Saturday, May 19, 2007
Birds, pigs, wetlands, what more could Tom and Megan want!
Today, Megan and I went to Slate Run Metropark in Pickaway County, just south of Columbus. I must say, what a park. We hiked about 6 miles through created wetlands, prairie, beech-maple forest, oak forest, and even stopped by a historical farm made to look like 1880. I would recommend anyone from Columbus make to trip south. Here are some photos of our experience. Also, after you are done watching the slide show, continue to the embedded video. A mother pig and her piglets put on quite a show for us!
Tom & Megan
I must tell you, today I blog with slightly more hesitation than normal. Why? This past week, I listened to an author on NPR, whose name I did not catch, talking about how Americans are increasingly isolating themselves from other people and our social networks are breaking down, resulting in hyper-individualism. Then, I was reminded by the words of the natural history writer David Petersen that you can't experience nature by leafing through a book or watching nature documentaries on television. Although at one time this was my strategy, I know now that one must get out into the natural world, bringing a critical eye, and observing everything in that realm with a fine tooth comb. That is what I try to do, and I write some of my observations here- This space helps me remember names, faces, and places, and this is my nature journal. I do hope that my thoughts, pictures, and words inspire you to get out and create your own nature journal, be it on paper or on the computer.
Today, I would like to share a photo of common cowparsnip, Heracleum maximum. It has to be one of the largest non-woody plants in Kenney park. Over 4 feet tall, it is currently in peak bloom. Its blossoms are characteristic of the carrot family. Although they look somewhat like an umbrella, botanists have called this flower structure an "umbel" Be careful though, this plant can be known to give dermatitis to some if one touches the plant. It is related to Giant Hogweed, which can cause severe burns on the skin when one comes into contact with the plant's sap. Although cowparsnip stays a bit smaller than the ten and fifteen foot non-native Giant Hogweed, it is a very noticable plant and quite stunning. Look for it near you. In Kenney Park, it grows along stream terraces.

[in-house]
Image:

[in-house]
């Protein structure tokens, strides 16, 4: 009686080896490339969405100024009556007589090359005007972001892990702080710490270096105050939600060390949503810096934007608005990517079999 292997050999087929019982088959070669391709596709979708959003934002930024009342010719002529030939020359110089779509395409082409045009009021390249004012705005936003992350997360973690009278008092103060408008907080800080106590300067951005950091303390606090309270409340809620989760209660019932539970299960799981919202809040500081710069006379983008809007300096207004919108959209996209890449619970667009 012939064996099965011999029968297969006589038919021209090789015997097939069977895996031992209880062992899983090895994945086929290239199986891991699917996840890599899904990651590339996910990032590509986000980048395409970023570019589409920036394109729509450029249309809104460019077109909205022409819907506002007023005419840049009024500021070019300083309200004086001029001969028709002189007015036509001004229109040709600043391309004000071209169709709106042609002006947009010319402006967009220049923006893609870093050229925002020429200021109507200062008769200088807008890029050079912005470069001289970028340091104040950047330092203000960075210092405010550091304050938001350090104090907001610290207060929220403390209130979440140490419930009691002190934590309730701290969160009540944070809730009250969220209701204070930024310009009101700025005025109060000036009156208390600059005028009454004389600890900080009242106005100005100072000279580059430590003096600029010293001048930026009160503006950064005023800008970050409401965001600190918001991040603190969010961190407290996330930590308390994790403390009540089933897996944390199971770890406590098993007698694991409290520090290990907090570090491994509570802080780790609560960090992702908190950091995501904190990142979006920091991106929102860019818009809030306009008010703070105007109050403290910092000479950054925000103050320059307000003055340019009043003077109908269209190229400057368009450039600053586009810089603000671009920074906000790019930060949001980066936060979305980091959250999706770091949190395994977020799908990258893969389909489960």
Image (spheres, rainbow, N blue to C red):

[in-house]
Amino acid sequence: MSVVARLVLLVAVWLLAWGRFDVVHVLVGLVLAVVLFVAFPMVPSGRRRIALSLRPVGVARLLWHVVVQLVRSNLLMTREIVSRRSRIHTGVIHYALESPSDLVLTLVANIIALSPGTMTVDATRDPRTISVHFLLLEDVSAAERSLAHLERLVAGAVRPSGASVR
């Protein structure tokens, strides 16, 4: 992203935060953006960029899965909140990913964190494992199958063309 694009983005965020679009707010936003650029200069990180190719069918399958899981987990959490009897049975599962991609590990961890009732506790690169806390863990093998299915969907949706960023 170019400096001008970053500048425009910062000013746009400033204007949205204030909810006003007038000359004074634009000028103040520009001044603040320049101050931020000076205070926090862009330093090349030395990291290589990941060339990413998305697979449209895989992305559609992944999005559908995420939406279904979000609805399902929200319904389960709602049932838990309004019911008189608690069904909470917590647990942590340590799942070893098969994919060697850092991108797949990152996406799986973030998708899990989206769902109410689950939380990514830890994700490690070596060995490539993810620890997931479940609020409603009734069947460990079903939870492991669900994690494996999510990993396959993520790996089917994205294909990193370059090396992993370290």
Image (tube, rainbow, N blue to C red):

Thursday, May 17, 2007
Have birds ever reminded you of super heroes? Tonight I tried to captures images of flying birds. The house sparrows in our yard were my quarry. Unfortunately, freezing a bird in mid-flight is pretty difficult, but as I was watching the birds jump, dive, climb and leap, all in mid-air, I couldn't help thinking about Spiderman swinging through New York or Superman darting around Metropolis. Although house sparrows are frowned upon by many, these little Birds are pretty amazing acrobatic creatures. Here are my somewhat fuzzy efforts. The photos have been cropped and sharpened.
Wednesday, May 16, 2007
I'm trying something new tonight. Here is a slideshow from today's Ohio Natural Heritage Naturalist field trip to a site in Adams county that was loaded with great dolomite barrens. We had a great time botanizing, but my neck was a bit sore from looking at the ground for four hours straight! We had a great time and I learned tons of new plants today, courtesy of the great volunteer naturalists that help us survey the state.